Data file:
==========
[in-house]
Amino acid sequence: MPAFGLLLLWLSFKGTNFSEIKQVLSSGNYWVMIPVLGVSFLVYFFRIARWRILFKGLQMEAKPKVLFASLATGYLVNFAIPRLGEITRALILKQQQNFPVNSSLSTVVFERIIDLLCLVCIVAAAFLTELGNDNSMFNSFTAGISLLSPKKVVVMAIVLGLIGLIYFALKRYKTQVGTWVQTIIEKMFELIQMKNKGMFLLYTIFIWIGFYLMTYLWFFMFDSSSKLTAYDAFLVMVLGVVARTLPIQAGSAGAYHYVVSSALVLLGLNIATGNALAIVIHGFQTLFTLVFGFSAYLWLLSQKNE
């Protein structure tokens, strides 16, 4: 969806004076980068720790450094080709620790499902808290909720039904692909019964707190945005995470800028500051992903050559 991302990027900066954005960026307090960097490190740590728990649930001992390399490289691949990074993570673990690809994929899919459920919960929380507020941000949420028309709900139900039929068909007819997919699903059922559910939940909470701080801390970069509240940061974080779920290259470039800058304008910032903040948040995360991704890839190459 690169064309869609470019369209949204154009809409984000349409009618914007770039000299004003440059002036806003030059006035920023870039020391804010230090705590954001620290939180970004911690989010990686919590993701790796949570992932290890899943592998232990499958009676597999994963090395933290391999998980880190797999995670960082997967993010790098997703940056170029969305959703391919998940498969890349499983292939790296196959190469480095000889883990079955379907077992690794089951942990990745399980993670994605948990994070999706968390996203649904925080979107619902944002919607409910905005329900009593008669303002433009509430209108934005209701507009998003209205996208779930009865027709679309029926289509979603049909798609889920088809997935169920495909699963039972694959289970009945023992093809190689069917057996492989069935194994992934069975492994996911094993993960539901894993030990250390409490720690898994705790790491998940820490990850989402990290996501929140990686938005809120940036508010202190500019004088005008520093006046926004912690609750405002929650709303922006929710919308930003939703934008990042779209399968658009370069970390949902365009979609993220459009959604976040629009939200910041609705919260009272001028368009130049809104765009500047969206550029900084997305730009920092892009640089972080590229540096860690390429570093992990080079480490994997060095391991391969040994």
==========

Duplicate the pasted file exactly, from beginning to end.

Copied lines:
[in-house]
Amino acid sequence: MPAFGLLLLWLSFKGTNFSEIKQVLSSGNYWVMIPVLGVSFLVYFFRIARWRILFKGLQMEAKPKVLFASLATGYLVNFAIPRLGEITRALILKQQQNFPVNSSLSTVVFERIIDLLCLVCIVAAAFLTELGNDNSMFNSFTAGISLLSPKKVVVMAIVLGLIGLIYFALKRYKTQVGTWVQTIIEKMFELIQMKNKGMFLLYTIFIWIGFYLMTYLWFFMFDSSSKLTAYDAFLVMVLGVVARTLPIQAGSAGAYHYVVSSALVLLGLNIATGNALAIVIHGFQTLFTLVFGFSAYLWLLSQKNE
């Protein structure tokens, strides 16, 4: 969806004076980068720790450094080709620790499902808290909720039904692909019964707190945005995470800028500051992903050559 991302990027900066954005960026307090960097490190740590728990649930001992390399490289691949990074993570673990690809994929899919459920919960929380507020941000949420028309709900139900039929068909007819997919699903059922559910939940909470701080801390970069509240940061974080779920290259470039800058304008910032903040948040995360991704890839190459 690169064309869609470019369209949204154009809409984000349409009618914007770039000299004003440059002036806003030059006035920023870039020391804010230090705590954001620290939180970004911690989010990686919590993701790796949570992932290890899943592998232990499958009676597999994963090395933290391999998980880190797999995670960082997967993010790098997703940056170029969305959703391919998940498969890349499983292939790296196959190469480095000889883990079955379907077992690794089951942990990745399980993670994605948990994070999706968390996203649904925080979107619902944002919607409910905005329900009593008669303002433009509430209108934005209701507009998003209205996208779930009865027709679309029926289509979603049909798609889920088809997935169920495909699963039972694959289970009945023992093809190689069917057996492989069935194994992934069975492994996911094993993960539901894993030990250390409490720690898994705790790491998940820490990850989402990290996501929140990686938005809120940036508010202190500019004088005008520093006046926004912690609750405002929650709303922006929710919308930003939703934008990042779209399968658009370069970390949902365009979609993220459009959604976040629009939200910041609705919260009272001028368009130049809104765009500047969206550029900084997305730009920092892009640089972080590229540096860690390429570093992990080079480490994997060095391991391969040994």